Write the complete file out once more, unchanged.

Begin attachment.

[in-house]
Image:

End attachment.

[in-house]
Image: